Anyone who knows me very well knows that I am not a TV watcher. At the end of a hard day, I would much rather come home and plop down with a book than veg out in front of the TV. If I do watch TV, it's usually a social thing, or else I'm working on a sewing project, when I generally put a favorite movie in the DVD player.
However, the one thing that I do watch on TV religiously (besides General Conference), is the Olympics. I love them. I love watching such a wide variety of sports in such a short period of time, I love the stories of dedication and inspiration that accompany them, and I love seeing the personalities of the athletes come out. The MSNBC website has a top-eight events from the Beijing games page that I recommend, especially if you weren't able to watch the games.
One of the main themes of the Olympics seems to be "you can do anything you set your heart on." While I admire the determination of the athletes that achieve their goals, this motto does concern me a little. It is more true today, especially in America, than it probably has been anywhere else in any other time period in history. But I fear sometimes we get way too caught up in the mantra "follow your dreams."
Probably the best way to illustrate this is with an example; a piece of practical advice I heard from an Olympian a few years ago. You may recall, from the 2000 Summer games in Sydney, the astonishing gold medal won by Rulon Gardner, a wrestling rookie from Wyoming (who also happened to be LDS and a graduate of Rick's College). He defeated the formidable Alexander Karelin, the Russian wrestling king who had gone undefeated for thirteen years, and won the gold medal. It was your quintessential Olympic story; the underdog came up and achieved his dreams against all odds.
The following year, Rulon came to my high school to give a motivational speech. He may have been my favorite motivational speaker ever. He didn't resort to sensationalism or crazy stories or emotions. Very much the Wyoming farmboy still, he just told it like it was. Of course, he told us to follow our dreams, but he added something that many people should give more consideration. Follow your dreams, but make those dreams realistic. He pointed out that he had a gold medal, but it was a gold medal in wrestling. He hadn't set out to be a horse jockey. Looking at his stature, that made sense.
Michael Phelps may be the best swimmer in recorded history, but look at his body type. He was custom-made for the pool. To put it bluntly, there are some things that affirmative action will never be able to level out to give everyone the same starting advantage. Michael Phelps would be a terrible gymnast. He's far too tall and lanky. But Nastia Liukin would probably never have made it in the pool.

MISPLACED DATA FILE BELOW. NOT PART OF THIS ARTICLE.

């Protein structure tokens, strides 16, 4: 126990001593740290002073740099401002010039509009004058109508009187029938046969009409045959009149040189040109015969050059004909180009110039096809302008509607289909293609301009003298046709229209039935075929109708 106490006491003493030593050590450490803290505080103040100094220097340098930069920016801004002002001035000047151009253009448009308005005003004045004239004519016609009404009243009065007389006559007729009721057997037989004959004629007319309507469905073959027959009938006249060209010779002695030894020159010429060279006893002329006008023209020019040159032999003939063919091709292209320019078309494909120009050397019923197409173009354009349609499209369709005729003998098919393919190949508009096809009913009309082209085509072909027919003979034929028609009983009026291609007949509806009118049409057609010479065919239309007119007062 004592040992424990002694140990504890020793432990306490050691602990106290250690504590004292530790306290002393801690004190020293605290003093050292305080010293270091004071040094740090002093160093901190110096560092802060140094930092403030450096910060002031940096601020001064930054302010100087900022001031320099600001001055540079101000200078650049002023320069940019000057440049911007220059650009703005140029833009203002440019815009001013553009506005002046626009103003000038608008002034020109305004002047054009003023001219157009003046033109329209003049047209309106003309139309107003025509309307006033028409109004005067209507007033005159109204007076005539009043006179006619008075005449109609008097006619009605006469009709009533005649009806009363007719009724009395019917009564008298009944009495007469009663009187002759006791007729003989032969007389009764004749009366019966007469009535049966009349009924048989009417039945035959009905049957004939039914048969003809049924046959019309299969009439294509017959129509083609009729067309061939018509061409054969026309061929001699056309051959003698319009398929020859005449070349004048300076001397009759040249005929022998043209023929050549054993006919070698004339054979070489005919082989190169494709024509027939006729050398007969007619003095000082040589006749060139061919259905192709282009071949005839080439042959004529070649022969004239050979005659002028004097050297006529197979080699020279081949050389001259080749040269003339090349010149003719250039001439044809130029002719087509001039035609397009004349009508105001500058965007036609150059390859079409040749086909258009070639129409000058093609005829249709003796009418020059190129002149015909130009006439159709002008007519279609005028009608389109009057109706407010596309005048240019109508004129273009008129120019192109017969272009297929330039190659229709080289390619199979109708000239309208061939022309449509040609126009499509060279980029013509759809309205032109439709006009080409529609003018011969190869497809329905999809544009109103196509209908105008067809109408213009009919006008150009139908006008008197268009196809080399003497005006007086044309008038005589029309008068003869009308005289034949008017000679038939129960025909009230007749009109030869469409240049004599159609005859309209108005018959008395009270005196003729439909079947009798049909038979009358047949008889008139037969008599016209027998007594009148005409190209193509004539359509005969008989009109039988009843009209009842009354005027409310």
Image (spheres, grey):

Also, what too many people forget when they watch the Olympics, or inspirational movies, or the finished product of anything, really, is that to become really good at something takes time. There are people who strike it rich and retire in their twenties, but they are few and far between. Most of us have to work, and work dratted hard, to achieve anything truly worthwhile. Ask Michael Phelps, Rulon Gardner, or Nastia Liukin if those gold medals just dropped into their laps.
Or, for that matter, you could ask me if my master's thesis is writing itself, or ask my brother if starting a software company is cake, or ask my dad if he would have achieved groundbreaking discoveries in computer graphics without years and years of work. But, at the same time, we're all dreaming realistically. I'm putting my efforts into genetics because that's what I'm good at. I would fail miserably if I were the one putting together a software company, because those are not my skills.
Finally, to give you one more thing to ponder, here is how Jenkin Lloyd Jones, quoted by President Gordon B. Hinckley, chose to put it:
“[The fact is] most putts don’t drop. Most beef
is tough. Most children grow up to be just
people. Most successful marriages require
high degree of mutual toleration. Most jobs
are more often dull than otherwise. …
“Life is like an old-time rail journey—delays,
sidetracks, smoke, dust, cinders and jolts,
interspersed only occasionally by beautiful
vistas and thrilling bursts of speed.
“The trick is to thank the Lord for letting
you have the ride”
(“Big Rock Candy Mountains,”
Deseret News, 12 June 1973, A4).